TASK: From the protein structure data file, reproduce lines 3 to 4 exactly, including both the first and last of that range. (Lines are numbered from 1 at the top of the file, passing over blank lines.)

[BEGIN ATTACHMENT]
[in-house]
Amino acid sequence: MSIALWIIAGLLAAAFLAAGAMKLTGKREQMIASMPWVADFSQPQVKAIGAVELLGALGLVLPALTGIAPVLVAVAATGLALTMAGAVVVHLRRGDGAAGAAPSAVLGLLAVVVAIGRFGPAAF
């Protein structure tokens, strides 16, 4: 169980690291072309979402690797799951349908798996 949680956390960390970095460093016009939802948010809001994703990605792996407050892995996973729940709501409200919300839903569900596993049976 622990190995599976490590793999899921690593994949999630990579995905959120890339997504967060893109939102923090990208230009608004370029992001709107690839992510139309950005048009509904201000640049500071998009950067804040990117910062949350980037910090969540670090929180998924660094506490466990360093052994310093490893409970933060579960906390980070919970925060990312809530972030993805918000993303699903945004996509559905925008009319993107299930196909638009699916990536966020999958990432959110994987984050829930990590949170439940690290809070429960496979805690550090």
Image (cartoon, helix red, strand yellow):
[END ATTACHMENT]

């Protein structure tokens, strides 16, 4: 169980690291072309979402690797799951349908798996 949680956390960390970095460093016009939802948010809001994703990605792996407050892995996973729940709501409200919300839903569900596993049976 622990190995599976490590793999899921690593994949999630990579995905959120890339997504967060893109939102923090990208230009608004370029992001709107690839992510139309950005048009509904201000640049500071998009950067804040990117910062949350980037910090969540670090929180998924660094506490466990360093052994310093490893409970933060579960906390980070919970925060990312809530972030993805918000993303699903945004996509559905925008009319993107299930196909638009699916990536966020999958990432959110994987984050829930990590949170439940690290809070429960496979805690550090």
Image (cartoon, helix red, strand yellow):